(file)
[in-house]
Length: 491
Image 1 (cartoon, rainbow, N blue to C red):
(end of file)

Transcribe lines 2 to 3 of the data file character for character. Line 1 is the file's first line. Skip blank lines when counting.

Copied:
Length: 491
Image 1 (cartoon, rainbow, N blue to C red):